Furthermore, according to Sacred Scripture, sin is an offense against God, by its essential nature of "injustice." It is ingratitude for his benefits, even contempt for his most holy Person. "Why have you despised the word of the Lord, to do what is evil in his sight?"—the prophet Nathan asked David after his sin (cf. 2 Sam 12:9). Sin is also a stain and an impurity. Therefore Ezekiel speaks of "defilement" with sin (cf. Ez 14:11), especially with the sin of idolatry which the prophets frequently compare to "adultery" (cf. Hos 2:4, 6-7). Hence even the Psalmist asks: "Purge me with hyssop, and I shall be clean; wash me, and I shall be whiter than snow" (Ps 51:7).

In this same context the words of Jesus in the Gospel can be better understood: "What comes out of a person is what defiles him...out of the heart of man come evil thoughts, fornication, theft, murder, adultery, coveting, wickedness, deceit, licentiousness, envy, slander, pride, foolishness. All these things...defile a person" (Mk 7:20-23; cf. Mt 15:18-20). It should be noted that in New Testament lexicons there are not as many names for sin as in the Old Testament. It is named especially with the Greek word anomia (iniquity, injustice, opposition to the kingdom of God (cf. e.g., Mk 7:23; Mt 13:14; Mt 24:12; 1 Jn 3:4). It is also called hamartia (error, defect) or opheleima (debt e.g., "forgive us our debts..." i.e., sins) (Mt 6:12; Lk 11:4).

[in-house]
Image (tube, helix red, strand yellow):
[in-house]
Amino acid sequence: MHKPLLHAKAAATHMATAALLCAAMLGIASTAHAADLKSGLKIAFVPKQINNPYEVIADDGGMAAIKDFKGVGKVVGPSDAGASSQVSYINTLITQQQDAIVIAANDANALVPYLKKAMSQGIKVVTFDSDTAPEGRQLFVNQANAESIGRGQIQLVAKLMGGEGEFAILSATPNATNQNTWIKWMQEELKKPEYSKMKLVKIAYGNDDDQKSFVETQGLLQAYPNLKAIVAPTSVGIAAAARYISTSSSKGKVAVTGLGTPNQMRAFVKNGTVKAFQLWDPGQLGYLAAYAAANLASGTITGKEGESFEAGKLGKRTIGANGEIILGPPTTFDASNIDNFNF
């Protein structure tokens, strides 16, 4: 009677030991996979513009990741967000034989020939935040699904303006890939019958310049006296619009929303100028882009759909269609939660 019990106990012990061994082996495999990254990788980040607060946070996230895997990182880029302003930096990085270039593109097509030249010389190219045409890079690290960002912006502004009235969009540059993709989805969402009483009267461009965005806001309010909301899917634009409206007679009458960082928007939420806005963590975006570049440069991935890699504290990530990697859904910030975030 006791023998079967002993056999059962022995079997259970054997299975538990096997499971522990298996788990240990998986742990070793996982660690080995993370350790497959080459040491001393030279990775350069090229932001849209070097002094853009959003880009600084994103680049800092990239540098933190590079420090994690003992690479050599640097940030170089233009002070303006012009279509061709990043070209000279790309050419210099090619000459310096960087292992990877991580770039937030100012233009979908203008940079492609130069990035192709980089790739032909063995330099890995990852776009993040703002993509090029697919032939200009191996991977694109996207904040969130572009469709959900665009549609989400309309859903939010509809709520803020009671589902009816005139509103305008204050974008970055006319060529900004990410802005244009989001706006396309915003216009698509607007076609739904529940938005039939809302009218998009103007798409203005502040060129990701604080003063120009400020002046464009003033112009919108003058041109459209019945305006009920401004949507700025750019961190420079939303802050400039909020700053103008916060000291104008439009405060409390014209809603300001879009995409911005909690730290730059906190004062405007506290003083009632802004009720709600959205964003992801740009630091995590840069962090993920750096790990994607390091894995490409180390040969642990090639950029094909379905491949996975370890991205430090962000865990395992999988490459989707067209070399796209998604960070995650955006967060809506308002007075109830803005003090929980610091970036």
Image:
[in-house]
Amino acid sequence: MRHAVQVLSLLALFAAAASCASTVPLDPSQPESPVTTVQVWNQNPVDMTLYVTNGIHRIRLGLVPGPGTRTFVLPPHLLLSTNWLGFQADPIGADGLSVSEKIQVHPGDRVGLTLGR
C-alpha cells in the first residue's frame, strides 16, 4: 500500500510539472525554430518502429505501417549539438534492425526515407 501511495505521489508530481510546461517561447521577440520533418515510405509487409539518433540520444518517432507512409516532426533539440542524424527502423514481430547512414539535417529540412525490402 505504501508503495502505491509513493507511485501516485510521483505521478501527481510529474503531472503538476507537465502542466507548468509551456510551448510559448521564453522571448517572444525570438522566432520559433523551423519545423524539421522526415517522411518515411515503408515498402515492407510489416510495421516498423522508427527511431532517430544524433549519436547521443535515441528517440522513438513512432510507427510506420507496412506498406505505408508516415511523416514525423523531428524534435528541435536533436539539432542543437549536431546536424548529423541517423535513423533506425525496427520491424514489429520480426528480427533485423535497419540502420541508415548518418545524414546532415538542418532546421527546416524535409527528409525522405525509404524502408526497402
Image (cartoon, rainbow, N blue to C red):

1.  Sin is a conscious and free act

We have just heard Jesus' words describing sin as something coming "out of the heart," from within man. They emphasize the essential nature of sin. Originating within man, in his will, sin, by its very essence, is always an act of the person. It is a conscious and free act, in which man's free will is expressed. Only on the basis of this principle of freedom, and therefore of the fact of deliberation, can its moral value be established. Only for this reason can we judge it evil in the moral sense, just as we judge and approve as good an act in conformity with the objective moral norm, and ultimately with the will of God. Personal responsibility is verified only in what derives from free will. It is only in this sense that a person's free and conscious act—which is opposed to the moral norm (to God's will), to the law, to the commandment, and ultimately to conscience—constitutes a sin.

It is in this individual and personal sense that Sacred Scripture speaks of sin, since on principle it refers to a specific subject, to man who is its cause. Even when the expression "the sin of the world" appears in some passages, this personal meaning is not denied, at least as regards the causality and responsibility of sin. The "world" as such cannot be the cause of sin. It can be caused only by a rational and free being in the world, that is, by man (or in another realm of beings, also by a created pure spirit, namely an angel, as we have seen in previous catecheses).

The expression "the sin of the world" is found in St. John's Gospel: "Behold the Lamb of God, who takes away the sin of the world" (Jn 1:29). The liturgical formula says, "the sins of the world." In the First Letter of St. John another passage reads: "Do not love the world or the things in the world...for all that is in the world, the lust of the flesh and the lust of the eyes and the pride of life, is not of the Father, but is of the world" (1 Jn 2:15-16). And still more severely: "We know that we are of God, and the whole world is in the power of the evil one" (1 Jn 5:19).